As some of you may know, for many years I have undertaken a private conservation effort, the breeding and release into appropriate habitats of the nearly extinct Florida kingsnake. They are called kingsnakes because they are at the top of the ophidian food chain, they will eat almost anything, but prefer to eat other snakes. They were once common, especially on Paynes prairie, but now they are gone, presumably due to invasive exotic diseases introduced through the pet trade. It has been many years since I last heard a creditable report of one being found in the wild, so I am doing my part to bring them back.
This year, as every year, I had a bumper crop of babies, so in August I decided to release some of the adults. Here is an adult male that got lucky.
I wish him luck, especially in regard to finding a mate, but what is the chance? I have released hundreds of babies right here at Weazelworld, a great place for a snake if ever there was one, but not a single one has returned.
Summertime in Florida is all about getting wet, not just from the frequent toad strangling gully washers, but also by canoeing and kayaking in both fresh water and salt.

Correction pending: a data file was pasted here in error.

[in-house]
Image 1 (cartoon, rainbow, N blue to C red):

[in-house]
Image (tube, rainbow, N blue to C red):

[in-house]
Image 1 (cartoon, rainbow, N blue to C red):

Dr. Ann owns a second home near the Ocala National Forest where there are numerous lakes, and strange little inholdings that are effectively off the grid and not accessible by paved roads. Some of these communities, such as Buckskin prairie, are so sequestered that they are almost impossible for an outsider to find, and those who do show up are immediately challenged, as in “Where you from Mister? What are you doing here?”
That was how I met “Doodle” Diggers, a flinty eyed old woman who was glad to have a visitor. She, like all of her neighbors, was born a back woods Yankee, but could not abide the cosmopolitan culture that infested the north, so she and her husband fled south into what was then a wilderness. They have scratched out a living by hunting, fishing, and logging ever since.
Doodle spoke proudly of her tiny community’s resistance to change, an attitude that made them susceptible to right wing propaganda. There was talk of secession and the “sovereign citizen” movement. When she mentioned a “free zone” in the middle of Lake Kerr my ears pricked up. I had heard rumors of wild redneck gatherings on the lake and had to go see for myself!
Dr. Ann and I launched our trusty Grumman canoe on the west side of Lake Kerr and went in search of the “free zone”. Our initial attempt to explore the ghost town of Kerr city failed, so we headed out to Kauffman island in the middle of the lake. Nothing there either, but then we noticed a lone flag flying far from shore.
I had expected to find an utterly trashed party zone with broken beer bottles and the rotting carcasses of poached alligators, but the place was immaculate. There was nothing but a small linear strip of dry land that had apparently been thrown up during an old dredging operation. The lawn was clipped, the aquatic vegetation had been removed, and there wasn’t a single bit of trash, not even a cigarette butt.